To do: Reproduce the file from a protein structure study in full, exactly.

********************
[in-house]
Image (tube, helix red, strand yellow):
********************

[in-house]
Image (tube, helix red, strand yellow):